For Treating Carpal Tunnel, the Best Treatment May Be None

From the WebMD Archives

June 12, 2001 -- Many cases of carpal tunnel syndrome will ultimately improve on their own, without surgical treatment or other types of therapies, according to Italian research published in the June 12 issue of Neurology. The finding could cause doctors and patients to rethink the best way to manage the pain, numbness, and tingling that afflict the hands, wrist, and fingers of people with this common condition. Specifically, it calls into question whether surgery is the only -- or even the best -- way to achieve a definite cure.

Few previous studies have compared what happens to treated patients as opposed to their untreated counterparts, says Andrew Lincoln, ScD, an assistant research professor at Johns Hopkins University's Bloomberg School of Public Health, in Baltimore. Without such studies, says Lincoln, who reviewed the study for WebMD, researchers have tended to attribute improvements in symptoms to their surgical efforts and not to whether the symptoms naturally got better by themselves -- and would have whether the surgery was performed or not.

Researchers at various clinics around Italy studied 196 patients (actually, 274 hands of those 196 patients) for up to 15 months after the initial visit for treatment.

On average, many of the patients seemed to improve -- or at least not worsen -- over the follow-up period, and did so without getting specific treatment other than the occasional painkiller. Patients who had experienced symptoms of carpal tunnel syndrome for shorter amounts of time had higher rates of spontaneous improvement than those who had had symptoms for longer. Younger patients tended to do better than older patients.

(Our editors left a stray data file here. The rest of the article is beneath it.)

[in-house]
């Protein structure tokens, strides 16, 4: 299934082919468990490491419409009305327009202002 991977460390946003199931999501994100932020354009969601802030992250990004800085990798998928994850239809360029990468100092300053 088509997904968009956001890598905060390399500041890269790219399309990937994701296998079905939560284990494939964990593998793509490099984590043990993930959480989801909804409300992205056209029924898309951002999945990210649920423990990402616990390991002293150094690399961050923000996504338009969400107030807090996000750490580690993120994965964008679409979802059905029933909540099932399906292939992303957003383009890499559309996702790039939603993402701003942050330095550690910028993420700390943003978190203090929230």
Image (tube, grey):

Interestingly, patients with more severe symptoms also tended to do better than those with milder symptoms. "That was really surprising," Richard K. Olney, MD, tells WebMD, "that the people with the more severe symptoms... [were] more likely to spontaneously get better."

Olney, a professor of clinical neurology at the University of California, San Francisco, wrote an editorial that accompanied the study. In it, he says that when doctors are faced with severely affected patients, they usually think first about operating, but this research shows they may do better to think twice.

But Lincoln isn't all that surprised. And he says this study supports taking a wait-and-see approach in carpal tunnel patients, especially those in whom neurological tests are inconsistent or absent and in those who can afford to wait longer before having surgery.

But others aren't so convinced.

"Is there any way to predict who is going to get better?" asks Michael Rubin, MD, director of the neuromuscular service at New York Weill Cornell Medical Center. "If you come to my office, and you are worse than the next guy, ... I will treat you like you are worse; if you are better, I will treat you like you are better." Rubin was not involved in the study.

Lincoln says he'd be curious to learn why these patients are spontaneously getting better.

"I was interested to see that 68% [of patients] reduced their hand stress, and 32% changed their work or hobby activity after they were initially diagnosed," he says. "So what we don't know ... is whether this spontaneous improvement ... was simply the result of decreased occupational or recreational exposure to hand stress."

"The bottom line isn't in quite yet," agrees Olney, who says that when people get carpal tunnel syndrome, it is important to work out a well-defined plan for treatment, but what is most effective is still not clear. "I think progress is being made, but we still have more work until we can say we have the final recommendation to give the American public."

Until more is known, the study authors acknowledge that while the results of their study should be considered, they aren't definitive, and evaluations should be made on a case-by-case basis.